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Variants in the ATM-BRCA2-CHEK2 axis predispose to chronic lymphocytic leukemia

Matthew F. Rudd, Gabrielle S. Sellick, Emily L. Webb, Daniel Catovsky and Richard S. Houlston

Abstract

We conducted a large-scale association study to identify low-penetrance susceptibility alleles for chronic lymphocytic leukemia (CLL), analyzing 992 patients and 2707 healthy controls. To increase the likelihood of identifying disease-causing alleles we genotyped 1467 coding nonsynonymous single nucleotide polymorphisms (nsSNPs) in 865 candidate cancer genes, biasing nsSNP selection toward those predicted to be deleterious. Preeminent associations were identified in SNPs mapping to genes pivotal in the DNA damage-response and cell-cycle pathways, including ATM F858L (odds ratio [OR] = 2.28, P < .0001) and P1054R (OR = 1.68, P = .0006), CHEK2 I157T (OR = 14.83, P = .0008), BRCA2 N372H (OR = 1.45, P = .0032), and BUB1B Q349R (OR = 1.42, P = .0038). Our findings implicate variants in the ATM-BRCA2-CHEK2 DNA damage-response axis with risk of CLL.

Introduction

Chronic lymphocytic leukemia (CLL) is the most common form of leukemia and is 1 of a number of B-cell lymphoproliferative disorders (B-cell LPDs) that include Hodgkin lymphoma (HL) and non-Hodgkin lymphoma (NHL). Inherited predisposition to CLL and other B-cell LPDs is well documented, with epidemiologic studies showing that the risk of CLL in first-degree relatives of patients with CLL is elevated 7-fold.1,2 Furthermore, studies have demonstrated that familial associations exist between different types of B-cell LPDs, with risks of HL and NHL increased 2-fold in relatives of patients with CLL.2 Whereas part of the familial risk could be due to high-penetrance mutations in as-yet-unidentified genes, a polygenic model based on low-penetrance alleles provides an alternative explanation. Such a hypothesis is supported by the recent observation that monoclonal B-cell lymphocytosis with an identical phenotype to indolent CLL can be detected in a high proportion of healthy members of CLL families.3,4

Alleles conferring small relative risks are difficult, if not impossible, to identify through classic genome-wide linkage scans.5 The search for low-penetrance disease alleles has therefore centered on association studies based on comparing the frequency of polymorphic genotypes in patients and control subjects. The spectrum of mutations in Mendelian disease genes, coupled with issues of statistical power, provides a compelling rationale for the application of a sequence-based approach targeting nonsynonymous single nucleotide polymorphisms (nsSNPs) rather than reliance on a map of anonymous haplotypes.6 We sought to identify novel low-penetrance susceptibility alleles for CLL by genotyping nsSNPs across 865 genes with relevance to cancer biology, biasing selection of nsSNPs toward those likely to have deleterious consequences. Genotyping 992 patients with CLL and 2707 healthy controls from the United Kingdom population across 1467 nsSNPs provided strong evidence for association between genes in the DNA damage-response and cell-cycle pathways and risk of CLL.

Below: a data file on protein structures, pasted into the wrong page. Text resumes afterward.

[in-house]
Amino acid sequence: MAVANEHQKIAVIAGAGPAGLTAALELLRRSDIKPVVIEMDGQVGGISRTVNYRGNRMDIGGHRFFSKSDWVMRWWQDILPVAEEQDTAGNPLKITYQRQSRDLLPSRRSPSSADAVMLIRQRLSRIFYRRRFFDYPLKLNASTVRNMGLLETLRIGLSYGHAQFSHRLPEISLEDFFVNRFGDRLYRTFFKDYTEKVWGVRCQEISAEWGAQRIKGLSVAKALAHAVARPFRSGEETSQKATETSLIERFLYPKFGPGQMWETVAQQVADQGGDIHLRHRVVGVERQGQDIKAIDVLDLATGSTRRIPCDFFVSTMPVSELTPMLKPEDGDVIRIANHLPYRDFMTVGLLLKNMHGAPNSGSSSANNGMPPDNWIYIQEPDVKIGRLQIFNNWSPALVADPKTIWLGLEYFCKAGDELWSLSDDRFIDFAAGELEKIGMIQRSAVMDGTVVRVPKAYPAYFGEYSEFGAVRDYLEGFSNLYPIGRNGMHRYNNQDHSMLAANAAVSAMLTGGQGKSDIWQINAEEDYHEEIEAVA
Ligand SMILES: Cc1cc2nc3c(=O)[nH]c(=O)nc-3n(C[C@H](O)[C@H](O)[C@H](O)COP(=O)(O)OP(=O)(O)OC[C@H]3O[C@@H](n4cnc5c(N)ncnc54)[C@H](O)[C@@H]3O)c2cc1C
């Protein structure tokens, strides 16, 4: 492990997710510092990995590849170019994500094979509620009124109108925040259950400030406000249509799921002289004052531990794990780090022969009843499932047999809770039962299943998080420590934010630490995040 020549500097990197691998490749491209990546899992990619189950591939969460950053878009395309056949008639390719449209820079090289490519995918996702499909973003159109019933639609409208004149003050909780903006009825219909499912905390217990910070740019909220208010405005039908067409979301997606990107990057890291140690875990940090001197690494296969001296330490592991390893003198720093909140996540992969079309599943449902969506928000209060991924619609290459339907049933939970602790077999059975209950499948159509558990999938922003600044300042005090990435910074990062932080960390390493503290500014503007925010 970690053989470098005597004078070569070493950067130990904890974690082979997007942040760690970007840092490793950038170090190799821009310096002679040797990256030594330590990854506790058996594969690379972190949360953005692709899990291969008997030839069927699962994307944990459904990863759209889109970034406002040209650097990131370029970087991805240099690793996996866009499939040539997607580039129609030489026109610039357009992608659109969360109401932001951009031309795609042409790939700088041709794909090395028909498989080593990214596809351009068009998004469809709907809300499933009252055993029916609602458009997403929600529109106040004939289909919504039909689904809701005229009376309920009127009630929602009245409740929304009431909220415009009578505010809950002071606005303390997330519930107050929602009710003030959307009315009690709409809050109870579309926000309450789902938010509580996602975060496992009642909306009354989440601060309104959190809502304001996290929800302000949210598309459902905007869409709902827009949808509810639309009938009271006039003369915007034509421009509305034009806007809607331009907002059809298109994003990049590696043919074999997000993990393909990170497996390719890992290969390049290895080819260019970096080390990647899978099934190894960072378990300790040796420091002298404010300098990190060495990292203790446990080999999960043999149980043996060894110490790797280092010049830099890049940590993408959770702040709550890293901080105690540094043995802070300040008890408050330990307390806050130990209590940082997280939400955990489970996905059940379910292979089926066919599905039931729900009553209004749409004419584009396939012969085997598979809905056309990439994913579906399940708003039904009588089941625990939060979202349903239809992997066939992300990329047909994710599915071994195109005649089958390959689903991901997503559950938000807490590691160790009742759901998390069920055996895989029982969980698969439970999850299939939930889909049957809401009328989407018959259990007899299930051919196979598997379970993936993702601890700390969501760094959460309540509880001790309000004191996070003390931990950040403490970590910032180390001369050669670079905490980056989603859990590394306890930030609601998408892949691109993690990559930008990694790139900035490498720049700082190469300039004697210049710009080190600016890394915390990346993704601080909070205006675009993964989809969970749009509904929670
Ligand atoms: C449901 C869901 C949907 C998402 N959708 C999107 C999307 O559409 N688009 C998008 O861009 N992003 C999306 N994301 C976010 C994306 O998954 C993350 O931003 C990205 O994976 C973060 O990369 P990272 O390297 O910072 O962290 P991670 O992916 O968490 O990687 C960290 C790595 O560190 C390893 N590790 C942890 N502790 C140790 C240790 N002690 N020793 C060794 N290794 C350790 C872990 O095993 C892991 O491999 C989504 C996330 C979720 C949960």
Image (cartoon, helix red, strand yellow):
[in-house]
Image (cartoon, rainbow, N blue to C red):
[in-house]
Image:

Patients, materials, and methods

Patients and control subjects

Patients with adult CLL (992 total; 688 men, 304 women; mean age at diagnosis, 61 years; SD ± 11.4) ascertained through the Royal Marsden Hospital National Health Service Trust (RMHNHST) Haemato-Oncology Unit were included in the study. The RMHNHST serves as a tertiary referral center and patient selection was not significantly biased to any specific geographic region within the United Kingdom. The diagnosis of B-cell CLL in patients was established using standard clinico-pathologic and immunologic criteria in accordance with current World Health Organization classification guidelines.7 A total of 2707 healthy individuals were recruited as part of the National Cancer Research Network Trial (1999-2002), the Royal Marsden Hospital Trust/Institute of Cancer Research Family History and DNA Registry (1999-2004), or the National Study of Colorectal Cancer Genetics Trial (2004), all established within the United Kingdom. Control subjects (836 men, 1871 women; mean age, 59 years; SD ± 10.9) were the spouses of patients with nonhematologic malignancies. None of the controls had a personal history of malignancy. All patients and control subjects were white and British, and there were no obvious differences in the demography of patients and control subjects in terms of place of residence within the United Kingdom. Blood samples were obtained with informed consent and ethics review board approval in accordance with the tenets of the Declaration of Helsinki. DNA was extracted from samples using conventional methodologies and quantified using PicoGreen (Invitrogen, Carlsbad, CA).

Selection of candidate genes and SNPs